The idea of an environmental tax has gone through several stages in India. The idea may have been well welcomed, but more people need to be exposed to it and its influence needs to be stronger. People need to be educated about how they can safeguard the environment, even at the most basic levels, including limiting open burning of non-biodegradable rubbish. Because of this, teaching the public about environmental (green) taxes will help them better comprehend the effects of their activities and enable them to support sustainable development by paying environmental taxes.

The thirteenth finance commission in India made a compelling case for the imposition of a non-negotiable excise on all products that contribute to environmental pollution. This is undoubtedly a difficult process that requires a significant amount of study to be evaluated. However, no final decision was made on the imposition of a green tax on natural gas. The commission also proposed three particular grants for the promotion and conservation of the environment with the goals of boosting the forest cover, improving water resource management, and encouraging the connectivity of renewable resources to the grid for the country’s electricity. It does provide a reassuring image of the future and shows that India is prepared to rank among countries that practice environmental responsibility. The right to a clean environment, which is a fundamental component of the Indian Constitution under article 21 and is related to public health, can be related to pollution even though the word pollution does not appear in the Indian constitution. Both are listed in the state list and the VIIth schedule. According to Article 249 of the Indian Constitution, pollution control legislation is passed in the interest of the nation. To determine their impact on the ongoing growth and escalation effect over indirect taxes, the effective tax rates for specific harmful items and sectors were also evaluated.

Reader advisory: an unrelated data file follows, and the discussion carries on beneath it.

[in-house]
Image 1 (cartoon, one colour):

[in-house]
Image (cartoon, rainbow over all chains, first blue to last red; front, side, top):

In addition to the aforementioned actions, it can be observed that the tax reform committees of 1992 recommended imposing higher rates of taxes on a select group of raw materials in order to encourage economy in their use during both production and consumption, thereby preserving and protecting the environment. Additionally, it was suggested that excise taxes would be a good tool for addressing externalities in the form of social costs. However, no subsequent execution of this idea was able to get considerable notice. As a result, the taxation scheme in this area has been restricted to periodic state government incentives and discounts for employing more environmentally friendly and pollution-controlling technology and in the adoption of a well-established policy for the inspiration of Renewable Energy Technologies.

The Environmental Protection Act of 1986, the Water Act, the Air Act, and other environmental protection laws do not reference the imposition of a price on the use of an environmentally dangerous product anywhere, but instead, forbid or restrict its use by establishing a low threshold. The local and state governments are only seldom given some independence. Due to this independence, the government is able to implement policies that charge the use of old cars, the emission of dangerous substances by businesses, etc. Therefore, when India is compared to other nations, there is a significant gap in fiscal reforms, which means that even if certain dangerous products are produced, consumer and corporate behaviour is unaffected.